For the last couple of years, WeWork was signing about 10% of all the new office leases in the nation, a trend that’s not as startling as it might appear, Mueller continues. “When you have 10-year leases, that means 10% of the marketplace is releasing each year,” he notes, “and 10% of that would be 1% of all office space. Its growth looks big but its percentage of the total is small. Growing from half a percent to 1% is a 100% increase, but out of the total it’s still just a rounding error.”
WeWork locations are mostly in big cities, says Krewson-Kelly, which is one of the reasons urban office REITs like SL Green Realty (SLG), which bills itself as New York City’s biggest commercial landlord, and Vornado Realty Trust (VNO), another Manhattan giant, are trading disproportionately worse. Their stock prices have been hit hard because of their exposure to tenants like WeWork, she says.
Yet in general, office REITs appear likely to maintain dividends and see stock prices rise, the executives say. But overall global recovery? It’s complicated.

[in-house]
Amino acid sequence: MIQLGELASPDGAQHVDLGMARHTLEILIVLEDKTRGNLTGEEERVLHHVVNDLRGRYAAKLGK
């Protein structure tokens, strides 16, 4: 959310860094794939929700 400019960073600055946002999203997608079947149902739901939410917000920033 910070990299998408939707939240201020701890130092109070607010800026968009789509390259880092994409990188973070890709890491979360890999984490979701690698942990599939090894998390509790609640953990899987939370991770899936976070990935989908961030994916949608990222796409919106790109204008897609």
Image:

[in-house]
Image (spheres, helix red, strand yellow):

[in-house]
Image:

REITs began the current crisis in good shape, but they don’t exist in a vacuum, says Schnure. “Even though the overall economy did not have a lot of imbalances prior to this crisis, it’s going to take some time for all the sectors to start working together again and heal the damage.”
It won’t be easy. “The next two years or so are going to be a period of getting through the crisis and then a macroeconomic recovery,” he says. “It takes longer than you expect. There’s a lot of economic damage, a lot of financial damage and a lack of confidence after a major shock like this, so I don’t expect a V-shaped recovery.”
Mueller agrees. “When this started, a lot of people said it’s going to be a V-shaped downturn,” he says. “Then into Month 2 and Month 3 of COVID-19, people were saying, ‘Well, it looks like it’s going to be more U-shaped, and the U may be fairly wide.’” Predictions of reaching recovery mode by the fourth quarter strike him as optimistic.
But just the same, based on conversations with REIT experts, reports of the death of the office seem exaggerated.
Reopen with Caution
Americans are blithely mingling in bars and on beaches as the economy reopens—almost as though the coronavirus has somehow been banished. But the pandemic is far from over, and companies that are asking employees to return to the office are well-advised to take precautions.